“The Beethoven Journey” is a remarkable collaboration between pianist Leif Ove Andsnes and the Mahler Chamber Orchestra. According to Andsnes, it is “a multi-season project that will make the composer’s music the centrepiece of my life as a performer and recording artist”, and it will feature these musicians touring throughout venues in North America, Europe and Asia as well as releasing all the Beethoven piano concertos on CD.

Mahler Chamber Orchestra © Sonja Werner
Mahler Chamber Orchestra
© Sonja Werner

The Mahler Chamber Orchestra, founded in 1997, has established a reputation as one of the finest chamber orchestras in the world. Their relatively small size was obvious here in Birmingham’s Symphony Hall, more often a host of much larger ensembles. The musicians were also clustered tightly around the piano, which was placed in the centre of the group and positioned so that the pianist’s back would be to the audience.

As we waited for the overture to begin, there was a sense of expectation that Andsnes might come on stage to conduct it. However, the orchestra suddenly began playing under the subtle yet authoritative direction of concertmaster Steven Copes. Clearly used to performing without a conductor, the ensemble was absolutely secure throughout the evening. The orchestra sported a lean yet cultured sound. Throughout, vibrato in the strings was used sparingly with woodwind lines lovingly played. In the dramatic overture, inspired by Heinrich von Collin’s tragedy Coriolan, punctuating chords were played with gunshot accents and precision. The scene was set for the Third Piano Concerto, composed in the same key of C minor, which featured at the end of this programme.

Andsnes is renowned for his fine interpretations of works by the great Romantics like Rachmaninov, Schumann and Grieg as well as the Classicists, Haydn and Mozart. In Beethoven’s music, these worlds tend to collide, and Andsnes proved to be a very fine Beethoven interpreter indeed. Technically, his playing was flawless, which I would have expected from a pianist of his stature, but this was all the more remarkable given his dual role as performer and director. He began by standing to conduct the opening orchestral tuttis in both the first and the third concertos and, once seated to play, used subtle hand and head gestures to coordinate orchestral entries and the shaping of phrases.

It was clear that Andsnes had given a lot of thought not just to the solo parts but to the phrasing and the general timbre he would like from the orchestra. The phrasing had all the good manners that I would expect in our post-historically-informed practice times. Dynamic contrasts were often startlingly achieved and it was lovely to see so many smiles on the faces of the players, clearly enjoying each other’s music-making. Only occasionally did I get the sense of phrasing and rubato in certain transitions being cool and calculated where they may have sounded a little more organic with the presence of a conductor.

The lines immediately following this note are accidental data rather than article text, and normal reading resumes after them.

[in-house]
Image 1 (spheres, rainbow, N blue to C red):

Stravinsky’s Octet, composed in 1923, was a masterstroke of programming. Programmes consisting entirely of works by one composer risk fatiguing the ears of the audience. Here we had something of a substantial palate-cleanser, and a showcase for some of the virtuoso wind players of the MCO. The Octet features flute, clarinet, two bassoons, two trombones and two trumpets. The performance was a delight, with some of the musicians dancing along to Stravinsky’s march, waltz and pop-music parodies that were juxtaposed with his more familiar neo-classical polyphonic writing.

Despite the high quality of all that had come before it, the performance of Beethoven’s Piano Concerto no. 3 proved to be the highlight of the evening. Andsnes dared to shape the contrasting minor and major episodes with more rubato than he had in the sunnier, earlier concerto. This piece, while still Classical in structure, shows Beethoven transforming the genre into something far more expressive and dramatic. Slow movements in both concertos were forward-moving yet lyrical and expressive. The final movements were both played swiftly and attacca, rousing us immediately from the reverie of before.

At the thrilling coda of this concerto, we were transported back to the sunny C major of the first. The audience, held rapt throughout, were thunderous in their applause and appreciation for such a special event, for it is rare to see these concertos performed and directed in this manner. It was a privilege to witness a part of this “journey”, and it was clear that Andsnes and this wonderful orchestra are getting along splendidly.